Barry’s owners Danny and Jessica are encouraging everyone to “green out” for the evening, so poke through your closet for all your St. Patrick’s Day wear!

Barry’s Old School Irish is located at 2 West Main St., at the Village of Webster’s four corners.

Comfort Care Home wine tasting

WCCH LYS 2019 skHave fun and help your neighbors in their time of need by attending the “Lift Your Spirits” fundraiser for the Webster Comfort Care Home on Friday October 18 from 7 to 9:30 p.m. at Artisan Works, 565 Blossom Road.

The Webster Comfort Care Home, located at the corner of Holt and Klem roads, provides free hospice care to the terminally ill of our Webster community, and comfort to the patients’ families. The agency is run solely on donations and fundraisers like this.

The event will feature wine and beer tasting from local breweries, music by Andy Calabrese & Chet Catallo, appetizers, full cash bar, silent auction and raffles for great prizes including a balloon ride over Letchworth, a Sabres Suite for their Dec. 27 game against the Bruins, lodging, dinner certificates, rounds of golf, a humidor, jewelry, home decor and more.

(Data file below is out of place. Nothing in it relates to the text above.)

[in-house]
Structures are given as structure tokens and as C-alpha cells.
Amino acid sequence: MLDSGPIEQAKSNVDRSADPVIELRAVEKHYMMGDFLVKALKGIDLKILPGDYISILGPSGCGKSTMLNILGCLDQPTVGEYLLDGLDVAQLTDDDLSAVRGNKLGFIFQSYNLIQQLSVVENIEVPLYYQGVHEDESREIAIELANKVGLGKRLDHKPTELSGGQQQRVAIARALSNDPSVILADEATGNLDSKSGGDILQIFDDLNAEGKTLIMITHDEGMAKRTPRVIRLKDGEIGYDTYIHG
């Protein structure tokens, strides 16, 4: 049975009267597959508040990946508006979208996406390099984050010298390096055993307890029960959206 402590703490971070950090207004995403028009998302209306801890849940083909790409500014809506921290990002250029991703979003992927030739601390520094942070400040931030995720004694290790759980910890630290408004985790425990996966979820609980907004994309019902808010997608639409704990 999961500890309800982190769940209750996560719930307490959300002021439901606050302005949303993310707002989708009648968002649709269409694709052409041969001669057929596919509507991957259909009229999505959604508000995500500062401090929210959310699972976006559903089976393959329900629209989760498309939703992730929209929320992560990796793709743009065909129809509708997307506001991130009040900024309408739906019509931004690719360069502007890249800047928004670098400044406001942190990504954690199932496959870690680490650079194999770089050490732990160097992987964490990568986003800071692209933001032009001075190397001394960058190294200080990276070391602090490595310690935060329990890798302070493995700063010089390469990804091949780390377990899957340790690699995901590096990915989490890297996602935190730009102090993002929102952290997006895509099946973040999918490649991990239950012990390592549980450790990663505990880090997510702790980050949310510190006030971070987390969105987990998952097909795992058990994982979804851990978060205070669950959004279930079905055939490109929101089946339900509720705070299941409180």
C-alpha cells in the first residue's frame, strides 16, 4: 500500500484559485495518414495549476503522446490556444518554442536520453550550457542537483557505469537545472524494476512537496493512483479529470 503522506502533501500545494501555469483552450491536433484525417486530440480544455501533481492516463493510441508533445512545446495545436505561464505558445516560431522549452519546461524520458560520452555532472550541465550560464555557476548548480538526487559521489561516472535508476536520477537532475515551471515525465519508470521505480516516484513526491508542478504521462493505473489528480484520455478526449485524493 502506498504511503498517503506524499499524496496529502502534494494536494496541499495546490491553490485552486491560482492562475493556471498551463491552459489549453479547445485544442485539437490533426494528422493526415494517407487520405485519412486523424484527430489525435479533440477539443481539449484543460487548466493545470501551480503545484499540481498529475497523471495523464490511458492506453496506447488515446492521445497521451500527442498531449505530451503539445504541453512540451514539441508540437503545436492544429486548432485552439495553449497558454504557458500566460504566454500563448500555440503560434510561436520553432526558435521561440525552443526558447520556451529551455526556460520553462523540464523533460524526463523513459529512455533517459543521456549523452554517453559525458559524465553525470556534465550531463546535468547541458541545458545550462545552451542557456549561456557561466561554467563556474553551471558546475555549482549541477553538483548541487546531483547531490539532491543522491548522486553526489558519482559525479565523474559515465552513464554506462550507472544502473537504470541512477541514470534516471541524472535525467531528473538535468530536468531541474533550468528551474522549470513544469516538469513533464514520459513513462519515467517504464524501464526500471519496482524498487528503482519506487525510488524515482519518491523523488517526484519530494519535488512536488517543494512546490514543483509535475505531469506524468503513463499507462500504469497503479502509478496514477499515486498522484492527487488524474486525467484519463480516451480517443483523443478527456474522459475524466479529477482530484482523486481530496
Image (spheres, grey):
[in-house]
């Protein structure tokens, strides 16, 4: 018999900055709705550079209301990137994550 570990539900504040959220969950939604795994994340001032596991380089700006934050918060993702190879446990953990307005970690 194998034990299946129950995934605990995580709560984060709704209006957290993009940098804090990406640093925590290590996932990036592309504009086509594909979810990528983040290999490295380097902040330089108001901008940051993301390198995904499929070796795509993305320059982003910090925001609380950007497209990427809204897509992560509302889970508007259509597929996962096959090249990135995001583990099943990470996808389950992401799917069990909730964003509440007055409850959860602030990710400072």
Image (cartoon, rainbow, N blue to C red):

Tickets are $50 per person and can be purchased online at www.webstercomfortcare.org or by calling 585-872-5290.

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Webster Schroeder HS kicks off fall musical season

25 Sep

Joseph2Wow. The fall musical season has already started in our high schools, and I haven’t even had a chance to write up my annual preview column for the D&C.

So let me take the opportunity RIGHT NOW to tell you about Webster Schroeder’s upcoming performance of Joseph and the Amazing Technicolor Dreamcoat, happening this weekend.

Here’s the description from the ticket website:

Celebrating its 50th anniversary this year, Joseph is one of the most enduring shows of all time. Joseph and the Amazing Technicolor Dreamcoat is a re-imagining of the Biblical story of Joseph, his father Jacob, eleven brothers and the coat of many colors. Told entirely through song with the help of a main character Narrator, the musical follows preferred son Joseph as he discovers his ability to interpret dreams.

Showtimes are Friday Sept. 27 at 7:30 p.m. and Saturday Sept. 28 at 2 and 7:30 p.m. Reserve tickets are $10 to $15, available at any area Wegmans or online at websterschroedermusicals.com (I always get mine at Wegmans, since ShowTix charges a service fee.) Schroeder productions are always incredible, so I highly recommend putting this one on your calendar.